Taking up a position among some fallen trees, Johnny Cash raised his Mannlicher rifle to his shoulder and bolted a round into the chamber. The guide with binoculars said the animal some 200 metres away was a young cow – a female moose. Was Cash okay with that? “You can’t eat horns,” replied the singer-hunter.
The Folsom Prison Blues singer never shot a man in Reno, but he did bag a moose in Newfoundland.
It happened in the first days of October, 1961. Because the moose-tracking jaunt to a logging camp in Canada’s youngest province was underwritten by Field & Stream magazine, vivid professional photographs documenting the trip were made public. Two months ago, the masters of dozens of more pictures resurfaced. They represent the earliest known photographs taken of Cash and Saul Holiff, his manager from 1960 to 1973.
Holiff, who died in 2005, was a fast-talking Canadian concert promoter who arranged the moose hunt. At the time, Cash was at a low point, relatively, in his career. He had released his hit I Walk the Line back in 1956. His latest single, The Rebel – Johnny Yuma, was on the outside looking in on the Billboard Hot 100, at No. 108.
A week before the trip to Newfoundland, on Sept. 28, the singer had played a charity show at Toronto’s Massey Hall. His performance wasn’t strong. He apologized to the audience for his rough voice, citing laryngitis. Backstage, according to a report in The Globe and Mail, he nervously twisted and untwisted a white, ruffled shirt that was soaked with perspiration. He had a fondness for stimulants.
A few days later, Cash, Holiff and backup singer Rose Maddox flew from New York to Gander, N.L., where they met up with the rest of their party that included fiddler Gordon Terry, guitarist Luther Perkins and country and western great Merle Travis.
Piling into station wagons, they headed into the province’s western interior. They stocked up on groceries in Millertown before proceeding to a cabin as guests of a logging camp near Victoria Lake. With them was an American reporter-photographer and a local hunting guide, Heman Whalen.
Whalen was a wildlife management officer with the Department of Mines, Agriculture and Resources. Known as Newfoundland’s “moose whisperer,” he was Cash’s exclusive guide. They were both 29, each former air force men.
“He was the guy next door,” Whalen said of Cash, speaking to The Globe and Mail this week from St. John’s. “He was no freeloader, I tell you that. You get what you work for, he had that attitude.”
Cash was an accomplished rifleman who hunted for food, not sport. He took his moose down with one shot, through the lungs. Because the cow took off after being hit, Cash thought he’d missed his shot. Whalen told him to wait while he circled around to look for the animal.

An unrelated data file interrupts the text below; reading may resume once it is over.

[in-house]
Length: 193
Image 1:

“I found what I expected," recalled Whalen, “which was a dead moose.” The 500-pound beast yielded 300 pounds of first-rate meat.
At one point during the trip, Cash raced back to his wife and kids in California. A pack of coyotes in the neighbourhood of their new home was scaring the children. After checking in on his family, Cash flew back to Newfoundland.
At night in the cabin, after dinner and after the dishes were taken care of, the musicians would strum tunes and relax with adult beverages. “Merle Travis did a fair bit of singing,” said Whalen. “Johnny had laryngitis, but he did the best he could. And when Luther Perkins and Merle with his 12-string started playing I Walk the Line, everybody stopped to listen."
After the expedition, Cash gifted Whalen his hunting knife. It was a valuable keepsake that Whalen used all his life before recently giving the blade to his oldest son.
“Johnny Cash was a very respectable man,” said Whalen, whose favourite Cash record is Sunday Mornin' Coming Down. “He had talent. He loved to sing. And when he wasn’t singing, he was humming.”
The trip was historic musically, for it solidified the partnership between Cash and his new manager. The singer had presented the native of London, Ont., with a coffee-stained yellow legal pad. Scribbled on it was a list of the duties he expected Holiff to do for him. (Holiff would not be required to take a bullet for his famous client, but he did endure a nasty gash above his eye when his rifle recoiled during the moose shoot.)
The two shook hands on their deal. Holiff guaranteed Cash he’d have him in Carnegie Hall within a year. He made good on that promise when the comebacking country icon played the prestigious venue on May 10, 1962.
Though Cash had hoped to serve Newfoundland moose at the reception dinner for the Carnegie show, it wasn’t to be. Holiff supplied bison meat instead. But that’s another story.
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